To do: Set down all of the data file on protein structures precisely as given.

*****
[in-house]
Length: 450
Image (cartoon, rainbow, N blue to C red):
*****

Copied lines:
[in-house]
Length: 450
Image (cartoon, rainbow, N blue to C red):